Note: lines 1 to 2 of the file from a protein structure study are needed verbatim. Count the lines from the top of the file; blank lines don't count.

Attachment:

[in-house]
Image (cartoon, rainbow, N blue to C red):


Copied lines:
[in-house]
Image (cartoon, rainbow, N blue to C red):